RFC 4497 Interworking between SIP and QSIG May 2006 secure method to ascertain the identity of the caller). Note that gateways, like all other SIP user agents, MUST support Digest authentication as described in [10]. Similar considerations apply to the use of the SIP P-Asserted-Identity header for mapping to the QSIG Calling party number or Connected number information element, i.e., the source of this information should be authenticated. Use of a signed message/sipfrag body to derive a QSIG Calling party number or Connected number information element is another secure alternative. 11.6. Abuse of Early Media There is another class of potential risk that is related to the cut- through of the backwards media path before the call is answered. Several practices described in this document involve the connection of media streams to user information channels on inter-PINX links and the sending of progress description number 1 or 8 in a backward QSIG message. This can result in media being cut through end-to-end, and it is possible for the called user agent then to play arbitrary audio to the caller for an indefinite period of time before transmitting a final response (in the form of a 2xx or higher response code) to an INVITE request. This is useful since it also permits network entities (particularly legacy networks that are incapable of transmitting Q.850 cause values) to play tones and announcements to indicate call failure or call progress, without triggering charging by transmitting a 2xx response. Also, early cut-through can help prevent clipping of the initial media when the call is answered. There are conceivable respects in which this capability could be used fraudulently by the called user agent for transmitting arbitrary information without answering the call or before answering the call. However, in corporate networks, charging is often not an issue, and for calls arriving at a corporate network from a carrier network, the carrier network normally takes steps to prevent fraud. The usefulness of this capability appears to outweigh any risks involved, which may in practice be no greater than in existing PISN/ISDN environments. However, gateway implementers may wish to make provision for gateway administrators to turn off cut-through or minimise its impact (e.g., by imposing a time limit) when deployed in situations where problems can arise. 11.7. Protection from Denial-of-Service Attacks Unlike a traditional PISN phone, a SIP user agent can launch multiple simultaneous requests in order to reach a particular resource. It would be trivial for a SIP user agent to launch 100 SIP INVITE requests at a 100 port gateway, thereby tying up all of its ports. A malicious user could choose to launch requests to telephone numbers that are known never to answer, or, where overlap signalling is used, Elwell, et al. Best Current Practice [Page 42]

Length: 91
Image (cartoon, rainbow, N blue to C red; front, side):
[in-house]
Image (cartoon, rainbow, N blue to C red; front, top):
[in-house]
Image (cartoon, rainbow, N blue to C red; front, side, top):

RFC 4497 Interworking between SIP and QSIG May 2006 to incomplete addresses. This could saturate resources at the gateway indefinitely, potentially without incurring any charges. Gateway implementers may therefore wish to provide means of restricting according to policy the number of simultaneous requests originating from the same authenticated source, or similar mechanisms to address this possible denial-of-service attack. 12. Acknowledgements This document is a product of the authors' activities in Ecma (www.ecma-international.org) on interoperability of QSIG with IP networks. An earlier version is published as Standard ECMA-339. Ecma has made this work available to the IETF as the basis for publishing an RFC. The authors wish to acknowledge the assistance of Francois Audet, Adam Roach, Jean-Francois Rey, Thomas Stach, and members of Ecma TC32-TG17 in preparing and commenting on this document. 13. Normative References [1] International Standard ISO/IEC 11571 "Private Integrated Services Networks (PISN) - Addressing" (also published by Ecma as Standard ECMA-155). [2] International Standard ISO/IEC 11572 "Private Integrated Services Network - Circuit-mode Bearer Services - Inter-Exchange Signalling Procedures and Protocol" (also published by Ecma as Standard ECMA-143). [3] International Standard ISO/IEC 11582 "Private Integrated Services Network - Generic Functional Protocol for the Support of Supplementary Services - Inter-Exchange Signalling Procedures and Protocol" (also published by Ecma as Standard ECMA-165). [4] Bradner, S., "Key words for use in RFCs to Indicate Requirement Levels", BCP 14, RFC 2119, March 1997. [5] Postel, J., "Transmission Control Protocol", STD 7, RFC 793, September 1981. [6] Postel, J., "User Datagram Protocol", STD 6, RFC 768, August 1980. [7] Dierks, T. and C. Allen, "The TLS Protocol Version 1.0", RFC 2246, January 1999. Elwell, et al. Best Current Practice [Page 43]